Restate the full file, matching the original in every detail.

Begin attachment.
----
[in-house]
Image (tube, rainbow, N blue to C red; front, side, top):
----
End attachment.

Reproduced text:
[in-house]
Image (tube, rainbow, N blue to C red; front, side, top):